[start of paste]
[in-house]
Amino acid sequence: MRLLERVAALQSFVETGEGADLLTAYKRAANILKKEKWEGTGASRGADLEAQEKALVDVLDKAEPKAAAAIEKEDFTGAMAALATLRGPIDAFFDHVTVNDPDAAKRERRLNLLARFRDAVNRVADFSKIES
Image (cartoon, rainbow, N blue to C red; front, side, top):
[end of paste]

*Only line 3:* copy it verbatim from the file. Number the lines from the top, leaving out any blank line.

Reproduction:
Image (cartoon, rainbow, N blue to C red; front, side, top):